My name is Gigi and I’ve created this blog to updated my journey. I hope that others out there that are facing these same decisions find my blog encouraging and informative. After doing much research, discussing things with doctors, I concluded that a prophylactic (preventative) bilateral mastectomy (removal of both breasts) would be my personal best decision. By having this surgery, I reduce my risk of getting breast cancer by 90%. Women are so much more than a pair of breasts. We are just made to believe that breasts are what makes us sexy. We are made to believe that without our breasts we are not complete. But I was ok with it. I was alive. Maybe I was in shock. Who knows.
As I recovered from mastectomy surgery, I was anxious to get back to “normal” as quickly as possible and I tried not to talk incessantly about cancer, even though in those early days it was always on my mind. After the first couple of months, when most of my family and friends had stopped asking about my health, I told myself their silence was entirely appropriate. After all, I didn’t look any different than I had before. Though I had chosen not to have reconstruction, I wore breast forms. I had opted to do that in part because I didn’t want to draw attention to the fact that I’d had breast cancer. So, why should I expect people to keep asking about my breast cancer?
I’ve sometimes wondered whether my women friends and relatives refrain from asking how I’m doing because of fear — the anxiety that they might be the next person diagnosed with breast cancer. It’s not an unrealistic concern, given how many women are diagnosed each year. Mostly, women manage not to dwell on it, but maybe my diagnosis had brought that fear to the surface for those close to me and reminded them of their own mortality. Asking how I’m doing might bring the fear rushing back, so perhaps it’s easier not to. I’ve also imagined that people might feel awkward about my breast-free state. Maybe they’d rather not think about the fact that I have a flat chest. I’d like to tell them that the flatness doesn’t bother me, that I’m just glad to be alive. Maybe I’d make a joke or two about my lack of cleavage. Maybe I’d even offer to show them. But it’s not a conversation I feel free to initiate myself.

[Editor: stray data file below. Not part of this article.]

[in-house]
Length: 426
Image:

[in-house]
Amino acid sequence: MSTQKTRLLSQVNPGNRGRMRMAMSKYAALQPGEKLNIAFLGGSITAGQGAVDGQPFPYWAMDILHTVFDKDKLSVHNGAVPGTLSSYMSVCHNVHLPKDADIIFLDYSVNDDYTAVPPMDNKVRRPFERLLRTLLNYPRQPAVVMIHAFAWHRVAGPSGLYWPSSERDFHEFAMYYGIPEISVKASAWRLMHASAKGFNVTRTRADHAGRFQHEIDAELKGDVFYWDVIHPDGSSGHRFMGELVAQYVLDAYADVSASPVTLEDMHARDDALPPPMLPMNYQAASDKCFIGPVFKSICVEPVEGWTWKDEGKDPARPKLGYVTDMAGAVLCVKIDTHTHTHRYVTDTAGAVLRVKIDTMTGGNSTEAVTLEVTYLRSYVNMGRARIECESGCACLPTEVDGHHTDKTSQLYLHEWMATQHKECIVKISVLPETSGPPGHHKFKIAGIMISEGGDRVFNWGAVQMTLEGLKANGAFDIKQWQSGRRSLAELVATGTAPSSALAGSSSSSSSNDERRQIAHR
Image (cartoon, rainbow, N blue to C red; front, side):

Of course, it’s possible that I’ve got things backward. Maybe my family and friends would love to ask me lots of questions, like how I feel about having chosen non-reconstruction, or whether I have any lasting side-effects from treatment, or if I’ve had any cancer-recurrence scares. Maybe they’re curious about all of that, but don’t want to intrude and don’t realize that I’d welcome their interest. Have you had feelings like mine about the reactions of your family and friends? Or do you prefer that people not ask how you’re doing, since you’re trying to move on? I’d love to hear from you about the things people have asked, or not asked, since you’ve finished your active treatment.